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Christian Treitel has been at Bosch for some 25 years, and since 2017 as VP marketing & business strategy at Bosch Packaging Technology, responsible for overall strategy across both food and pharma verticals. Christian talked to Tim Sykes about the intersections of flexibility, output, sustainability and connectivity driving of R&D in packaging lines today.

Is the era of ever higher speed in packaging lines over?

The whole industry is talking about complexity, increasing variety of SKUs, flexibility and small batches. All the hype is around that trend, but there is still significant demand for high-speed production (if not demand to push it still higher) across the food and pharma industries.

This is driven by different factors across food and pharma. If we look at the food market, our customers are experiencing strong cost pressures, and driving efficiency is one obvious way to address this by improving output on their existing lines. If you increase production from 600 to 800 units per minute you gain efficiency: more product from the same footprint and same number of operators.

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There’s also a consumer-driven dimension for food manufacturers. For various demographic reasons there is a trend across the market toward smaller packaging formats: bite-size chocolate bars, single portions, etc. Therefore for the same volume of product, food brands have to produce a larger number of packages. This also translates to a requirement for higher operating speeds.

Meanwhile in the pharma market, there is a growing demand for certain basic medication types, for instance paracetamol, at an affordable price. This is an especially big trend in emerging markets such as China, India and Latin America but also to an extent in developed markets. Meeting the requirement for affordability means mass-producing these generic medicines, which creates demand in the marketplace for high-output, high-speed machines, albeit offered at an affordable cost – not ‘Formula One’ equipment.

…But meanwhile much of the market is leaning in the opposite direction?

Yes, on the other hand, there are major contradictory trends. Think of the variety of breakfast cereals people eat today, compared to the past: supermarkets now dedicate metres of shelves to different muesli types in different pack sizes and combinations! E-commerce is offering consumers possibilities that push the market in the direction of individual choices.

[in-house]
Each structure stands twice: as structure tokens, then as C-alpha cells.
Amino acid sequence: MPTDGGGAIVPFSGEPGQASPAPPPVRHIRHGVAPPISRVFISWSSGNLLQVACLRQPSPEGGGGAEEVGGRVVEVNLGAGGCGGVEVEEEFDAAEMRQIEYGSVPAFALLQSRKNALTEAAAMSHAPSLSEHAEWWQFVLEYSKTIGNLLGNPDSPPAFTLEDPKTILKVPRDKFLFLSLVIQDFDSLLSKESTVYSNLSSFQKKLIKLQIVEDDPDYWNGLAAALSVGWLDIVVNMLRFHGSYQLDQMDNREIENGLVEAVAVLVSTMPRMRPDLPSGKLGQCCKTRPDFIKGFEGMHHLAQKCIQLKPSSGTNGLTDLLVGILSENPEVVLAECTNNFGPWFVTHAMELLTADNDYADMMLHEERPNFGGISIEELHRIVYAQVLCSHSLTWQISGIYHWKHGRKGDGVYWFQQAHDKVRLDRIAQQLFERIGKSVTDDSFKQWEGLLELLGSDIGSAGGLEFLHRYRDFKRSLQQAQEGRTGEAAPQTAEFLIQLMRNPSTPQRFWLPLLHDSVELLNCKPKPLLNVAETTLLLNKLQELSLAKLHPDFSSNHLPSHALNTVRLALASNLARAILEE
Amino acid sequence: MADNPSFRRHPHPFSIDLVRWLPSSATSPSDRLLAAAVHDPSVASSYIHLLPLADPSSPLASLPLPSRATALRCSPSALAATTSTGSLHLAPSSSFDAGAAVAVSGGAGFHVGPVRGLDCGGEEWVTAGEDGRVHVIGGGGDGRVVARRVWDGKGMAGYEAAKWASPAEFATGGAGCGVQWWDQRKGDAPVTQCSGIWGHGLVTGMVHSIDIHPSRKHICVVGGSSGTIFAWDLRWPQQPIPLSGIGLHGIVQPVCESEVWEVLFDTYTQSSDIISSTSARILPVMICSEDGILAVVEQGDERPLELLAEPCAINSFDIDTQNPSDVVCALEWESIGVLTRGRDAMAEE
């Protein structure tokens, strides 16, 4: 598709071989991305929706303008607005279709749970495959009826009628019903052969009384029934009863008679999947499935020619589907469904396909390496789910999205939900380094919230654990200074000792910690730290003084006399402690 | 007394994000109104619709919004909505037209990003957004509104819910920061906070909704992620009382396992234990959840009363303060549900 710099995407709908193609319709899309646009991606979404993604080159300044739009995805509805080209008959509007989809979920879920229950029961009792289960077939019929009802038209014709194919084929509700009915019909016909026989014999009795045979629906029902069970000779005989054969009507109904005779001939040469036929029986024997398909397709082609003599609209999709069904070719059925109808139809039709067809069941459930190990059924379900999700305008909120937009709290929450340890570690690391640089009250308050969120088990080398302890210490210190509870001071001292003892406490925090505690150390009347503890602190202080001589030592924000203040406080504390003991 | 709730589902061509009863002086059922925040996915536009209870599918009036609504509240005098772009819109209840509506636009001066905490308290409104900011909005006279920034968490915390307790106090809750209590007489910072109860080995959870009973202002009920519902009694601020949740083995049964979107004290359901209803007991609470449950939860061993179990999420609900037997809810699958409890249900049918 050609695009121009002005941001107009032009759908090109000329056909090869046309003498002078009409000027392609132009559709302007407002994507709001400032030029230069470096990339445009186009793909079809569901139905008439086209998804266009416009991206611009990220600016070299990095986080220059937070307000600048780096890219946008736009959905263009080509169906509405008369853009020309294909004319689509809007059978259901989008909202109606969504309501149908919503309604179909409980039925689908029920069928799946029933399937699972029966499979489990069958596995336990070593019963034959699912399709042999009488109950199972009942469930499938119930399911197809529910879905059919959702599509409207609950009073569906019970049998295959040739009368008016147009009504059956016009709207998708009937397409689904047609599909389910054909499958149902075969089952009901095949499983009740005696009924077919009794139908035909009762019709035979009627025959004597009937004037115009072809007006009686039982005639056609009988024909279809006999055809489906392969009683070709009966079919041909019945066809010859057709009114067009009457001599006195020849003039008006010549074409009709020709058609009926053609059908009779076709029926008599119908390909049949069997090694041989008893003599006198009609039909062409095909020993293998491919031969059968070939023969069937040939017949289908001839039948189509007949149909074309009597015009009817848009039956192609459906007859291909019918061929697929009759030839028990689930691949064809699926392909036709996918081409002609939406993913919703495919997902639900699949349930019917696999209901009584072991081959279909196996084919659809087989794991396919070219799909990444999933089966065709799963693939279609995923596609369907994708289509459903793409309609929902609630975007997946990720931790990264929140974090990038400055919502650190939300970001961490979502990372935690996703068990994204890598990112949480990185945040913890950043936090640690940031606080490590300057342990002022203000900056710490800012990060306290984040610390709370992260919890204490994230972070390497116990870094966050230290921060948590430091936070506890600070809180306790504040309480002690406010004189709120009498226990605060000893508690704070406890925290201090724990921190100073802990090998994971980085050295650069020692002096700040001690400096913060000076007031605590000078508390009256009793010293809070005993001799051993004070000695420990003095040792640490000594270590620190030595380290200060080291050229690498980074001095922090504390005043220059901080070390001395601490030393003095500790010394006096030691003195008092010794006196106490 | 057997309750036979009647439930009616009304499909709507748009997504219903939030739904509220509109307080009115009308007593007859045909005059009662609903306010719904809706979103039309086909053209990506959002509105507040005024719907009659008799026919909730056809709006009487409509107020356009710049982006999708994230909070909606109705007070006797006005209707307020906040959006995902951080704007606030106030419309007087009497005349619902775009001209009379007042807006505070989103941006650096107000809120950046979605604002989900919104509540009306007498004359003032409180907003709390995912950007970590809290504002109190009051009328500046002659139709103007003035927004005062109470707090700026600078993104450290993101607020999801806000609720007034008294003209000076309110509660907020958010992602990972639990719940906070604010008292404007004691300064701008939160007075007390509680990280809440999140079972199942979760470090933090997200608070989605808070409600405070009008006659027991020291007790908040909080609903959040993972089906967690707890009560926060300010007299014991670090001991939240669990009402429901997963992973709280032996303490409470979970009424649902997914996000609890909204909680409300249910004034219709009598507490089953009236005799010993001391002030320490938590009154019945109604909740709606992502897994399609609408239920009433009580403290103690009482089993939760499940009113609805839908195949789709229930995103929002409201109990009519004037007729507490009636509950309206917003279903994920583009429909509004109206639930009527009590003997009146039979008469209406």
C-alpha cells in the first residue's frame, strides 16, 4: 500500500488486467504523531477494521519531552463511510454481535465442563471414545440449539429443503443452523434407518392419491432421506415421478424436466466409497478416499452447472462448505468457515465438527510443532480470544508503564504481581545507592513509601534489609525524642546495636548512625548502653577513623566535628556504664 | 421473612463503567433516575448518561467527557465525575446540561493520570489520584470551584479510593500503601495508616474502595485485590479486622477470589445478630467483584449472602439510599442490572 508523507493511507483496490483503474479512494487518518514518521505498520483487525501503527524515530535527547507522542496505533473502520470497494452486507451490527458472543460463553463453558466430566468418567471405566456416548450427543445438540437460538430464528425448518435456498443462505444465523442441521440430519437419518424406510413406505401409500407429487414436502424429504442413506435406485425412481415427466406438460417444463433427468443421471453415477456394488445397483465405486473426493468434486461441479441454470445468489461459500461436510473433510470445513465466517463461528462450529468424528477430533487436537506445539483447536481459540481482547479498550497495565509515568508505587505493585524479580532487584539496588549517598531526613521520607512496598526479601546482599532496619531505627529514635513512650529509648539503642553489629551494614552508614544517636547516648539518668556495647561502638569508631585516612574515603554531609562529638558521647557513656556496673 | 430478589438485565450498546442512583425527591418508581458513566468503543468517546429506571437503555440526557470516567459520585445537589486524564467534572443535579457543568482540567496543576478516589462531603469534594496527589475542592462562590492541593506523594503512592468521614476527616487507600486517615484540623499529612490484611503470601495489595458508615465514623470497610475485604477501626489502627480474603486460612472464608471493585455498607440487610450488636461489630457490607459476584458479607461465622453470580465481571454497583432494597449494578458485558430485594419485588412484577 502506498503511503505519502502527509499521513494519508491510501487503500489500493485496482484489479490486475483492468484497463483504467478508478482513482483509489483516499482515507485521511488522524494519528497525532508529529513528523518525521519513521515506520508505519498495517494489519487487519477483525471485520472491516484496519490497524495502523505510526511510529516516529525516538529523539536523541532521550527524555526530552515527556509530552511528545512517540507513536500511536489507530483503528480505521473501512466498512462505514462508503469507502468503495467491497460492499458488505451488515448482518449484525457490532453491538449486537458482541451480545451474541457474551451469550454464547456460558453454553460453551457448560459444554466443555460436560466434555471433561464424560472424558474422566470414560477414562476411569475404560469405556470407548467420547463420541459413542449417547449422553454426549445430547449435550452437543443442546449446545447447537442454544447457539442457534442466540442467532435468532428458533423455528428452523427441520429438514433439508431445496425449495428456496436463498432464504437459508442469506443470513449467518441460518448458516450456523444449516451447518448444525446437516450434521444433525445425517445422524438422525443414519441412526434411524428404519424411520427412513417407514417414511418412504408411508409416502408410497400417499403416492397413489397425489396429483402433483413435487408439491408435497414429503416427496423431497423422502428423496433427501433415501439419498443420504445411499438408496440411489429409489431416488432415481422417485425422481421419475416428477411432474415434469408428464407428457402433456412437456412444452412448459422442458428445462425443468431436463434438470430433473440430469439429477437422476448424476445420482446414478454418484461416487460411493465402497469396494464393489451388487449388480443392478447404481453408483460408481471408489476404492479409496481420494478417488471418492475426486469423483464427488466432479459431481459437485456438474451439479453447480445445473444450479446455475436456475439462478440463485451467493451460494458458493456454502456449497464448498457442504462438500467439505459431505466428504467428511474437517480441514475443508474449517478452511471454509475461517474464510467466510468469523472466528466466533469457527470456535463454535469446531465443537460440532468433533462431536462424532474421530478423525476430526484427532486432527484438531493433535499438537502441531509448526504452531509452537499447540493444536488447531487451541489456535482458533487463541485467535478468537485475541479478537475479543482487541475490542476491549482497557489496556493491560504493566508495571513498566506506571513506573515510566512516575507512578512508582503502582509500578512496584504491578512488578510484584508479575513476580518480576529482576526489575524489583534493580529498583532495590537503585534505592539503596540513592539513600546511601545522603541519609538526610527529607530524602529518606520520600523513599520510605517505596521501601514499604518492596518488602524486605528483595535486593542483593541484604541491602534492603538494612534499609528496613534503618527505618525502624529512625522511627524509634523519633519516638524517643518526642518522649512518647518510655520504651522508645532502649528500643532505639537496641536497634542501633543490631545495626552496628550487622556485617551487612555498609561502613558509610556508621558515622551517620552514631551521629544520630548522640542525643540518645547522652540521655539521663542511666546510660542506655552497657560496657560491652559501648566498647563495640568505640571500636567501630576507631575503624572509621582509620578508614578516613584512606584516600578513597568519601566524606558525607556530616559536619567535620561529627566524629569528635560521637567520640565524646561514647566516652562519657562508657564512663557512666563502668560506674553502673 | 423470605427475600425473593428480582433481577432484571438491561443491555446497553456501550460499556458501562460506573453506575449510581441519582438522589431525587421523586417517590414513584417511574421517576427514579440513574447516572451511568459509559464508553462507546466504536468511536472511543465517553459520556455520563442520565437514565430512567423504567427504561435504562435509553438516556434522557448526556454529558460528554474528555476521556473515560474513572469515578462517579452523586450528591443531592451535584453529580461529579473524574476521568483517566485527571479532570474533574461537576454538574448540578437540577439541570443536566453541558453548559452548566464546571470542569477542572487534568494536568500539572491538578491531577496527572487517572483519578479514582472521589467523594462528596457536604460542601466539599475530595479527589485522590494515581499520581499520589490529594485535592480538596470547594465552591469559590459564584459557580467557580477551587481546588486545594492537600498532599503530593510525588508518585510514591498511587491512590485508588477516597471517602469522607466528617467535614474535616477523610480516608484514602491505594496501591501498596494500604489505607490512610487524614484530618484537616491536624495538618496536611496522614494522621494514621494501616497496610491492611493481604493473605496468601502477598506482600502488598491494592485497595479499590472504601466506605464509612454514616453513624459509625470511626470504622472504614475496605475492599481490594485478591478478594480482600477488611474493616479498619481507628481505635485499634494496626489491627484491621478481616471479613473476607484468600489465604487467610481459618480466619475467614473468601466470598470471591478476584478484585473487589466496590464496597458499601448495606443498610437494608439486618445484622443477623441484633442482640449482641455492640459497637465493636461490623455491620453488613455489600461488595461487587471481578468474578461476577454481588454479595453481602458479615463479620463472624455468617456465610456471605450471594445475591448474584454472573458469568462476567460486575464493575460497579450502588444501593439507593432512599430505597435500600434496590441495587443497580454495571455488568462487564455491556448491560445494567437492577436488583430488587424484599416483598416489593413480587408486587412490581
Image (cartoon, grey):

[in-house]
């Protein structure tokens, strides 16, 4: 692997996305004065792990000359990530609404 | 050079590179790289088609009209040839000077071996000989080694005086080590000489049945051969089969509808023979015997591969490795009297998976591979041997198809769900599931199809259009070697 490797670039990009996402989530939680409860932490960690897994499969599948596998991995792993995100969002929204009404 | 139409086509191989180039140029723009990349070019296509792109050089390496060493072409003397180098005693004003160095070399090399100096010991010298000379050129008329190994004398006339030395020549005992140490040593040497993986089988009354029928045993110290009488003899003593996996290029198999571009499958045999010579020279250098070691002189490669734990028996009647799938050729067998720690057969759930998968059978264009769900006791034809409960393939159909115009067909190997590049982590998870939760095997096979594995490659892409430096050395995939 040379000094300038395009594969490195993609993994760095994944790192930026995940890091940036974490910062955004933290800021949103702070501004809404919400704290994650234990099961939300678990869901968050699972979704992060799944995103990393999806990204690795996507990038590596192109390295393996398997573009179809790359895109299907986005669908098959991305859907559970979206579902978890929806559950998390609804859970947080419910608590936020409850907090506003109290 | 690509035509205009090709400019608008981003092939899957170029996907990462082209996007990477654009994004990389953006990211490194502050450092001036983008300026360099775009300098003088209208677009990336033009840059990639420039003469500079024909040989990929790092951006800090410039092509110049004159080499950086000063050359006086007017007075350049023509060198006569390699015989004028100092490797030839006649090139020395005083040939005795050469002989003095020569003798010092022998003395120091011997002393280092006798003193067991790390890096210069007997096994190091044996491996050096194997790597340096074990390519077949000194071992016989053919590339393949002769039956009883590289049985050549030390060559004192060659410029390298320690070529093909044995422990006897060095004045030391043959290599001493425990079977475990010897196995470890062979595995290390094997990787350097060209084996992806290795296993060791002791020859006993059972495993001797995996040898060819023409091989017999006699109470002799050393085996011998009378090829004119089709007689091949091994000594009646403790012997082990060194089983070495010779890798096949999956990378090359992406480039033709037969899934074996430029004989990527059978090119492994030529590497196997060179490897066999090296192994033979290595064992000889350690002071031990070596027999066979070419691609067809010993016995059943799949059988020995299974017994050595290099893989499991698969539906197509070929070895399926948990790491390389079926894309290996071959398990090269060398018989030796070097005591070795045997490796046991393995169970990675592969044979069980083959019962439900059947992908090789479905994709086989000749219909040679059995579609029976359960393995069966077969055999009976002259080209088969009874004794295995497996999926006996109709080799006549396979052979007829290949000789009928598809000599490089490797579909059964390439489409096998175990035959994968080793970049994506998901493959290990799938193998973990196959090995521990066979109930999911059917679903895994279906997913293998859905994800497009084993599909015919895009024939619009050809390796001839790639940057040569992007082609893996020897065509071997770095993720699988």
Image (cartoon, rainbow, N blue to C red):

In pharmaceuticals there’s the same trend toward smaller batches, driven by new phenomena like more customised treatments and doses, and medications for orphan diseases. Against this backdrop of proliferation of SKUs and individual batch sizes getting smaller, customers are asking for more flexibility.

“With any new idea we need to frankly ask ourselves whether there is a real benefit to the customer. Ultimately, any interface or platform is only as valuable as the content they deliver.”

As such a large provider of technology, we want to provide the whole range from high-speed to medium and low. We like complex problems where we can bring our knowledge to solve our customers’ problems. We also need to follow our customers when, for instance, they realise they need to move from 800 to 400 / minute but with very flexible changeover. Minimising changeover times is one way of making flexible production lines as efficient as possible.

What are the technological challenges that arise when increasing speed and throughput in packaging lines?

We are one of the companies that can master the challenges of working at very high-speeds. Our flow-wrapping lines can handle 1500 bars a minute, and in vertical packaging side we have duplex machines that can produce up to 360 bags. Achieving high speeds involves coping with a number of variables.

One of the most challenging aspects of high speed isn’t the packaging process itself, but ensuring a continuous product infeed. It’s crucial to maintain consistency, which presents complexities from product to product, especially when they are sticky or difficult to handle. You need to make sure you align the product properly. If there are high tolerances in the product – significant variation in size, etc. – the higher the speed, the more issues you encounter.

Another important consideration is the variety of hot seal and cold seal film materials that are used, all with different limitations. In this aspect increasing speed involves conducting tests with customers and defining the right film materials. We also have collaborations with film producers and get early access to their new materials for testing.

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Not only when it comes to packaging, but as a whole, sustainability is a complex topic which requires a plethora of expertise. We are convinced that a more sustainable future is a long-term commitment and journey; and we have to be in this together. This is why we seek out long-term partnerships along the entire value chain. For instance, we work together with the packaging material provider BillerudKorsnäs to come up with new packaging solutions that are more sustainable but still optimised for production and functionality.